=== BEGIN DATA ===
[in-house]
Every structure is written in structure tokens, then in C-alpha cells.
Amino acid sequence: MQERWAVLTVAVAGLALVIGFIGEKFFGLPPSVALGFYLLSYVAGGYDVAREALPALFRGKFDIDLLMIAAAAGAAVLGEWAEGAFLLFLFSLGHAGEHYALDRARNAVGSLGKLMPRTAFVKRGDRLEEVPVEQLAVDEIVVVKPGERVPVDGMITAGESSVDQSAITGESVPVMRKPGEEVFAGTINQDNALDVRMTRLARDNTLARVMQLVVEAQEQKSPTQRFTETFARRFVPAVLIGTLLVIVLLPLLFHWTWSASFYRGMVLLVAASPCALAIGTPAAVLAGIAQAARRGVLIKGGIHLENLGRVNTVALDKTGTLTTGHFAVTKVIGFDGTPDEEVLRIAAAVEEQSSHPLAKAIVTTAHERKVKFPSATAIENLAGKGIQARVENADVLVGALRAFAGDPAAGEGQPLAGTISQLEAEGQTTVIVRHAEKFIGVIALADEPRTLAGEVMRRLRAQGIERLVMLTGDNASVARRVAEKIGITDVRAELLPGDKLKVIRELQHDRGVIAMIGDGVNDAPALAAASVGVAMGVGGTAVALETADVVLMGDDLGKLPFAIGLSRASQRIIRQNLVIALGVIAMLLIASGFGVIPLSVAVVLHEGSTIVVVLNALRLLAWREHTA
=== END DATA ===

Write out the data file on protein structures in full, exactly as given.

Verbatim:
[in-house]
Every structure is written in structure tokens, then in C-alpha cells.
Amino acid sequence: MQERWAVLTVAVAGLALVIGFIGEKFFGLPPSVALGFYLLSYVAGGYDVAREALPALFRGKFDIDLLMIAAAAGAAVLGEWAEGAFLLFLFSLGHAGEHYALDRARNAVGSLGKLMPRTAFVKRGDRLEEVPVEQLAVDEIVVVKPGERVPVDGMITAGESSVDQSAITGESVPVMRKPGEEVFAGTINQDNALDVRMTRLARDNTLARVMQLVVEAQEQKSPTQRFTETFARRFVPAVLIGTLLVIVLLPLLFHWTWSASFYRGMVLLVAASPCALAIGTPAAVLAGIAQAARRGVLIKGGIHLENLGRVNTVALDKTGTLTTGHFAVTKVIGFDGTPDEEVLRIAAAVEEQSSHPLAKAIVTTAHERKVKFPSATAIENLAGKGIQARVENADVLVGALRAFAGDPAAGEGQPLAGTISQLEAEGQTTVIVRHAEKFIGVIALADEPRTLAGEVMRRLRAQGIERLVMLTGDNASVARRVAEKIGITDVRAELLPGDKLKVIRELQHDRGVIAMIGDGVNDAPALAAASVGVAMGVGGTAVALETADVVLMGDDLGKLPFAIGLSRASQRIIRQNLVIALGVIAMLLIASGFGVIPLSVAVVLHEGSTIVVVLNALRLLAWREHTA